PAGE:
Ligado Networks’ terrestrial 5G program will continue its development despite aviation-industry pushback concerned with the potential for GPS interference. Earlier this year, aviation groups sent a request to the FCC to reconsider its prior approval, but the FCC last week denied “a request to stay its unanimous decision,” authorizing the program to move forward.
According to the FCC, “A petition filed by the U.S. Department of Commerce’s National Telecommunications and Information Administration (NTIA) last May sought to delay the proceeding, but the Commission ruled today that NTIA did not satisfy the requirements of a stay, in particular, the demonstration of an irreparable injury or a likelihood of success.”
“We must continue to move forward to ensure next-generation wireless services are available, and to do so, we must put this long-underused spectrum to its best use,” said Ajit Pai, then FCC Chairman. “My colleagues and I unanimously adopted the order after more than a decade of delay across several Administrations. That order imposed stringent conditions in order to protect incumbent users, including GPS services and Pentagon operations that operate outside this band, and the technical evidence in our record continues to demonstrate that the FCC made the correct decision.”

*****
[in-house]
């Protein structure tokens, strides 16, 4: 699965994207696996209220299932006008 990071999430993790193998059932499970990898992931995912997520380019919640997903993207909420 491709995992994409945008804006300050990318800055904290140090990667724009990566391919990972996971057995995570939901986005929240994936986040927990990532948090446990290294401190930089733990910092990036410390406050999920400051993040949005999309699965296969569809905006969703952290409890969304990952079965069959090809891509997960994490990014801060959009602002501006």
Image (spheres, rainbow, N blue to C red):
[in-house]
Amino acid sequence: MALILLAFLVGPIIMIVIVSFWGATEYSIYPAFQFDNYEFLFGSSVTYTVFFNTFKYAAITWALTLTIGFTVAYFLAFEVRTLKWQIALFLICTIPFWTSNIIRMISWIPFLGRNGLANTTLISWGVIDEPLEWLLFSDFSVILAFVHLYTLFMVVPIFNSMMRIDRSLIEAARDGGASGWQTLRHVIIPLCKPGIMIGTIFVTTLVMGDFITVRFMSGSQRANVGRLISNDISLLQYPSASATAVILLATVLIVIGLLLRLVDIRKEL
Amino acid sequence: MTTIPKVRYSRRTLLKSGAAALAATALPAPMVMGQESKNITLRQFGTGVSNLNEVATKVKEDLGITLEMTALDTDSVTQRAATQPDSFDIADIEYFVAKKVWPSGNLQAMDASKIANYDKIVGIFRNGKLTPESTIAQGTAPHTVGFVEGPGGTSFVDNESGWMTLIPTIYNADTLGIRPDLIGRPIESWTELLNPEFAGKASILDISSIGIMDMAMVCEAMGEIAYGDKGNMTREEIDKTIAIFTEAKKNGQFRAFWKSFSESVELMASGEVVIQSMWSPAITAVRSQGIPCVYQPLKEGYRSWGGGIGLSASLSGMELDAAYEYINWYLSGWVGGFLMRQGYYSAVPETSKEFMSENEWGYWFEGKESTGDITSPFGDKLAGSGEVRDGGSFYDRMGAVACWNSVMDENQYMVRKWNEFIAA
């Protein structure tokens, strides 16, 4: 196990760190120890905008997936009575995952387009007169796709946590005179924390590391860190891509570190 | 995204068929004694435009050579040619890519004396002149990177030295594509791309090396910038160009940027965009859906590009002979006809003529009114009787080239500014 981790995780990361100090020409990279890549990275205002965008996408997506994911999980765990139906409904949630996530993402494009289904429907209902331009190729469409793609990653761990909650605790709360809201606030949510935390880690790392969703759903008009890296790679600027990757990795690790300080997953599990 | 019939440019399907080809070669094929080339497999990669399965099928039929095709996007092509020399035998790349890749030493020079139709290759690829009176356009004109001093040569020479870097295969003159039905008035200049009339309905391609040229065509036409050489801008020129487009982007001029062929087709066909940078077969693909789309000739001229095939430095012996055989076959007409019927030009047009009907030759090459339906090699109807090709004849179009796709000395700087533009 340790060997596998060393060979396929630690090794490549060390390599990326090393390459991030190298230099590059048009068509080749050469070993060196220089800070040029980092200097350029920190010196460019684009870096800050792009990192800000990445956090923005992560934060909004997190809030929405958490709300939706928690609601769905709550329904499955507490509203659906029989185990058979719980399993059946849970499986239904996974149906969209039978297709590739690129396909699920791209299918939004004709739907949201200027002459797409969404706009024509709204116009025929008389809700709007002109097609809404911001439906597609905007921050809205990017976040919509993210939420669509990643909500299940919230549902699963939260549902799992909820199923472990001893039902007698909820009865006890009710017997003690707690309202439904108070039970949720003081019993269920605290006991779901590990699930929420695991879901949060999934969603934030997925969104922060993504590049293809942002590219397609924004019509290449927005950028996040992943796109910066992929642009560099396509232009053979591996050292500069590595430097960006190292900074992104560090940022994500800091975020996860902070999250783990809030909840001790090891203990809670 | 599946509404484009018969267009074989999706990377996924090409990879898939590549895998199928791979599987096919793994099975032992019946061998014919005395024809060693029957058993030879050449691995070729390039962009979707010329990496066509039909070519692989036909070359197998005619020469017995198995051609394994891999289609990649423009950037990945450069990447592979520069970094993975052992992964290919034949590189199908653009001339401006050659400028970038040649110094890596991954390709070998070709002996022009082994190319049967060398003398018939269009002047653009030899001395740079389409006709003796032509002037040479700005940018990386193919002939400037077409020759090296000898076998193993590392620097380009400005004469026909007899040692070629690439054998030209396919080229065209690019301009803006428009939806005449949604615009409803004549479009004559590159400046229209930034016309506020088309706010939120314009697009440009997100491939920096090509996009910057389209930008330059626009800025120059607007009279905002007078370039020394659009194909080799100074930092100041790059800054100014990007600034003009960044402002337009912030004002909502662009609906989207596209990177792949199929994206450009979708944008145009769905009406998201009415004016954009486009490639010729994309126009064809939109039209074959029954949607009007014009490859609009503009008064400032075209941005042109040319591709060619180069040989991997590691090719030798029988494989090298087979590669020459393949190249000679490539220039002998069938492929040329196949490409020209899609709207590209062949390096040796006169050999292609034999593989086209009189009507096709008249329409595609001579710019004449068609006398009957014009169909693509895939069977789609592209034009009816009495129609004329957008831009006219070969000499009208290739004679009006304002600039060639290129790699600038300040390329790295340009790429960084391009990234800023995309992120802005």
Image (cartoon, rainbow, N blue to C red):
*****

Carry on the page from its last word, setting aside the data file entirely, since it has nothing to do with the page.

While the FCC has ruled in favor of Ligado at this point, it might not be the last word. Pai stepped down from the head of FCC, replaced by Jessica Rosenworcel, who is currently the acting chairwoman of the FCC. She and commissioner Geoffrey Starks had voted in favor of a stay.
In addition, FCC commissioner Nathan Simington suggested that Ligado’s efforts weren’t guaranteed success, saying, “I do not share my colleague’s determination that Ligado will certainly succeed on the merits with respect to NTIA’s petition for reconsideration. In my view, such certainty is premature because interference criteria relating to device performance have not been conclusively addressed. As there is an opportunity for further testing, including performance-based testing, there remains the possibility of a showing that will greatly bolster the merits of NTIA’s petition for reconsideration. Such a showing would also allow the Commission to better evaluate the entire record in this proceeding, including the various other petitions for reconsideration that were filed. It is by doing so that we will adduce the best possible record in the service of disinterested policymaking in the public good.”